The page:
The Cabin in the Woods

Ealasaid/ April 24, 2012/ Movie Reviews and Features

The five teens from The Cabin in the Woods

Directed by: Drew Goddard
Written by: Drew Goddard, Joss Whedon,
Starring: Kristen Connolly, Chris Hemsworth, Anna Hutchison, Fran Kranz, Jesse Williams, Richard Jenkins, Bradley Whitford, Brian White
Rated: R for strong bloody horror violence and gore, language, drug use and some sexuality/nudity

Some movies lend themselves to reviewing, and some don’t. Last week’s “Lockout” was a straightforward flick to write up. “The Cabin in the Woods” is anything but — it has a very specific, narrow audience and you’re either in it or you’re not. If you are, you probably know it already and saw the flick the day it opened. If you aren’t, then you don’t really need me to tell you to avoid it.

“The Cabin in the Woods” opens with two fairly official-looking fellows getting their day started in some sort of governmental facility. Sitterson (Richard Jenkins) and Hadley (Bradley Whitford) have been working toward this day for a long time, everyone in the installation is keyed up, and they’re all determined to do a good job. Meanwhile, a band of teenagers are gathering and heading up to the titular cabin in the woods — there’s Curt (Chris Hemsworth), the jock; Jules (Anna Hutchison), the hot blonde; Marty (Fran Kranz), the goofy stoner; Dana (Kristen Connolly), the serious and artistic gal; and Holden (Jesse Williams), the new guy.

The “teenagers go to a remote location, awaken something terrible, and horrible things ensue” story is a familiar one, and there are loads of hat-tips to other greats in the genre (as well as to other types of horror movie, from Japanese horror to monster movies, and even “Back to the Future”), but “The Cabin in the Woods” is about something else altogether.

If you’ve seen even one or two standard horror flicks, nothing that happens in the film is really much of a surprise — but even so, half the fun is watching the mystery slowly unfold, so I won’t give you any further details on the story. It’s a very meta film, a movie about movies, so let’s talk about it in a more meta sense.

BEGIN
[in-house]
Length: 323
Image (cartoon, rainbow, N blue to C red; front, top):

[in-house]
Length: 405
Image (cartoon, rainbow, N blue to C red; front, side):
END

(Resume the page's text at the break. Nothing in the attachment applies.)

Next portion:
“The Cabin in the Woods” is sort of like “Scream” taken to the next level. It’s the “Scott Pilgrim vs. The World” of horror movies, it’s “Community” with actual gore and death. There’s so much to unpack that it’s suited more to criticism than reviewing. Yes, the effects, acting, and other technical aspects are top-notch, but that isn’t what makes this an interesting film.

It’s a commentary on horror movies, on our fascination with watching teenagers do stupid things and get themselves killed, on the way we flock to watch horror movies even when they’re essentially the same thing over and over. And yet, at the same time, it’s a ripping good ride! You don’t have to get all (or even half) the references to enjoy it, but it definitely rewards an encyclopedic knowledge of horror movie tropes. There are tons of tiny details that reward the attentive viewer.

Whether or not you will you enjoy “The Cabin in the Woods” depends heavily on whether you enjoy this kind of genre-savvy storytelling. It’s not so graphically violent as to put off those fans of meta (or Whedon) who aren’t into horror, but it’s self-analytical enough that if you find that sort of thing grating it will probably bother you. If, however, you’re a Whedon fan, into self-aware fiction, and like to laugh, do not miss it.

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